i used to live in boxes,
not just the ones from packing my life
away and expediting it, or where i would
store myself under old refrigerators,
making soft buzzing noises with my tongue
i kept things in them, wings plucked
from butterflies and soaked in the
sickly sweet scent of formaldehyde.
it was satisfying to separate myself
from all the spheres of influence
and drops in the bucket
of my mind.
the past was all accorded for,
the present mattered not. i could get by
on scratching windowpanes for golden flecks
of light. as long as i had the memories of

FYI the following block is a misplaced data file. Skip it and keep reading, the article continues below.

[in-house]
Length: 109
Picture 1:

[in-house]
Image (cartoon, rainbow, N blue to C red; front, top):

being too young to understand thoughts,
i was okay, and okay was a word i could say
without regret. it promised nothing.
so what chance did you stand, all silver
and sparkles, speaking backwards and boiling over
with steam? you pretended it was virtue you were
smoking, hand-rolled, on the slowly sinking porch.
i could taste it as hypocrisy, some softest contradiction.
and i wanted to seal you off, garnished in
a soft sort of word salad, and dressed with adjectives
like “lonely” or maybe just a little bored. my way
was too angular for your knees, softly curved as they were,
and supple on my chest. you compartmentalized
so sloppily into a stream-of-consciousness story.
so there is a box for you, sitting somewhere, and i confess
that i always wanted to sleep alone. a can of soda
can be champagne if i’m celebrating something. and so
i think i’ll spend my night sugary and sober, painting
the sky cardboard and faded, like a memory without
a frame to hold it in.